With lights and siren it was barely a minute’s drive to the White House; three more for Jensen to be helped inside and reach the final barrier of the President’s personal secretary. The West Wing was in turmoil, close to lockdown, Deangelo in a meeting with the National Security Adviser, Morgan Woodward. The Capitol at least seemed secure, the Secret Service already informing Jensen that the explosion had been a bomb targeted at Thorn, no indication yet as to casualties.
Jensen could feel the secretary’s eyes on his bloodied clothes, the brighter lights of the office merely emphasising what he had gone through, her call to the President reinforcing that fact.
“Please go straight in, Mr Secretary.”
Jensen straightened his back and strode through into the Oval Office, Deangelo and Woodward standing to greet him, the President’s shock at how he looked apparently genuine.
Deangelo stepped forward to grip Jensen’s right arm, unsure whether to also shake him by the hand, “You’re hurt, Paul; we need to get the doctor to see you.”
“It’s Admiral Adams’ blood,” replied Jensen gruffly. “You need to speak immediately to Admiral Lucas, Sir. Secretary Thorn has issued new orders committing our forces in the South China Sea to a missile attack against China’s carrier – they need to be countermanded before it’s too late.”
“Thorn’s dead, Paul,” said Woodward softly. “A bomb attack in the Capitol Mall.”
“Then so much the better!” said Jensen, the anger finally taking control. “Dead or not, the President still needs to countermand the order!”
Deangelo stared at Jensen, his insistent tone not something a president would normally appreciate; that in itself somehow emphasised the need for haste, the anguish in Jensen’s voice obvious, the blood on his clothes a mark of what he too had gone through.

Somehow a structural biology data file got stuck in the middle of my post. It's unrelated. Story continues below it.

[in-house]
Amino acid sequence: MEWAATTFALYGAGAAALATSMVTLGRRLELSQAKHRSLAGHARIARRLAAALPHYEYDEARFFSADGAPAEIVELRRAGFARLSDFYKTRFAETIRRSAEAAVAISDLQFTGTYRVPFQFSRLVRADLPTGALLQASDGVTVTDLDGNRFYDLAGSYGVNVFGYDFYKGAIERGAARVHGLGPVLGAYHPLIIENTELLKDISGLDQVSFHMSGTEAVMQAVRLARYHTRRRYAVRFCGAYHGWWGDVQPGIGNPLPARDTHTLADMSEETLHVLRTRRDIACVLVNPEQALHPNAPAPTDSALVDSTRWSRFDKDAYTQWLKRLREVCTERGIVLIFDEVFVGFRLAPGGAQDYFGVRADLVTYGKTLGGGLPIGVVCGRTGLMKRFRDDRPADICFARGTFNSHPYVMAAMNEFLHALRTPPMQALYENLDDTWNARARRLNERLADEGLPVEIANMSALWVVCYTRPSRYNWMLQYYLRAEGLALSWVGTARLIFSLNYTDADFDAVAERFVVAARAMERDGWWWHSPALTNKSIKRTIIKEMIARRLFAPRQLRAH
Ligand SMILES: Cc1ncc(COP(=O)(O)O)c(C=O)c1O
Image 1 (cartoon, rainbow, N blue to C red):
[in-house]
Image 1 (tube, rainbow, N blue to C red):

The President gave the briefest nod of understanding and he quickly stepped across to his desk to pick up the phone, keying a pre-set number.
“I need to speak to Admiral Lucas, Pacific Command, immediately,” he instructed. “Also patch in Rear-Admiral Espada aboard the Ronald Reagan and Admiral King…” Deangelo might have taken his time to weigh up his options in the South China Sea but he now acted decisively, commands given without the need for detailed consultation, the President with a clear grasp of the chain of command in the Pacific, even knowing the names of all the senior staff.
By the time they reached the Situation Room the calls had been made, Deangelo speaking directly to the commanders of the Gerald Ford and John Stennis Strike Groups. For some unclear reason, Pacific Command’s Admiral Lucas was unavailable, his deputy similarly so; Rear-Admiral Espada on the Ronald Reagan was also taking his time to confirm that Deangelo’s new orders had been implemented, the President’s impatience revealed by a curt comment to every new negative.